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k-k-k-kenny

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k-k-k-kenny last won the day on October 8 2014

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About k-k-k-kenny

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  • Birthday 30/01/1957

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    Victoria
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    Australia

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  1. He's given up frame-building or repairs, but still painting. And his health's been reasonable the last couple of years. Very nice bloke.
  2. With help of Victoria's finest cycle tradies - Gordon Hill, Kevin Wigham, Kenn Dickie - put this together last year. Oddly enough, frame was made by same person in same year as my Hillman roadie: George McDonald in 1976. Track bikes are grouse fun once you get past the urge to freewheel (and get pitched over the bars for your trouble). Except when Karen or Trev bring their feckin dogs along because it's so convenient having that fence round the track to keep them from pishin off, and hasn't your bike got brakes, mate?
  3. Late to the party, but it was Chris Winter's program on which I first heard Tangerine Dream, Tubular Bells and an abiding love: Rory Gallagher Live! In Europe. All ear-openers after a steady diet of 3XY, that's for sure.
  4. Glad you haven't butchered the single-speed frame, Mr Nutz! And Jim, for an old fart like me it's amusing to see guys responding to that link oohing and aahing over a steel bike that weighs "only 8.3 Kg". It's by no means an extraordinary figure: there's nothing spectacularly unusual about a good steel frame & fork weighing in sub-2.5 Kg. But they may not know that. $4,500 for a steel frame? That's plenty, although there is a younger generation of fabricators doing this very "high-end bespoke"-type stuff, with prices to match. The old guys I know just make bike frames, as they have for decades. Oh, and the Ti "anodising" isn't: that's the response of Ti to the application of heat. And in those examples it's very well done.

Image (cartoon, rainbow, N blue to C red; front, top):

5. Yes, it is Reynolds 531, slightly heavier than road tubes - the fork legs, for example are round and chunky. As far as I've been able to tell, Reynolds didn't badge the road/track tube sets differently. Only been on it for a week, but 3 times to the velodrome so far. Want to have a go at a bit of club racing come October. At this stage my legs are empty after an hour, whereas I can get along on the roadie for 4-5 hours plus no problems. Once you get used to the fact that you cannot coast (try it and you'll be pitched head first over the bars) it's great fun to ride: so direct and lively.
  6. My new old Cecil Walker track bike; haven't hit 60KPH yet, but I'm working on it ...
  7. @palexsia Thanks very much for your impressions. I shall be in touch ...
  8. Hey @palexsia, how do you find the Takatsuki compare with the WE? And what others do we see there?
  9. There's this, the one I couldn't possibly afford when it was new. Now that it's 42 years old, and fitted out with Suntour Superbe Pro almost-everything, it ain't the bike that's holding me back from immediate call-up to the world tour teams. Still, I'll hit 6,000 k on it for the year some time next week.
  10. Can't go wrong with pale blue
  11. Didn't go round, but did Sorrento and back, by 70k the longest I've managed. Very few bicycles of the steel variety to be seen, but, frankly, it's not the want of carbon fibre that's limiting my speed. Was fading between Mornington and Frankston, but a restorative milkshake and cigarette put spring back into the legs.
  12. Seems to me that the medical-therapeutic/performance enhancing substance issue is kinda grey and murky. In one sense I'd be inclined to say "good on him" for triumphing over a medical condition and becoming a truly elite athlete. But if he suffers from asthma, isn't that just too bad? Like having low testosterone or just being pissweak? And unfortunately his team's reputation is not high. You'd reckon they might try to see themselves as others see them, and make efforts to be cleaner than clean. Apparently not. Here's George:
  13. Ward Marston of Marston Records has done good work with acoustic era classical recordings, among other things.
  14. True enough, Feline. 20s and 30s produced some amazing things in all sorts of genres. Though I disbelieved (and continue to disbelieve) some audio nut in the US who claimed that 78s were higher in fidelity than any other medium. Maybe by the late 40s, early 50s recording techniques - especially microphones - had advanced sufficiently to capture even my limited range of hearing, but not earlier.
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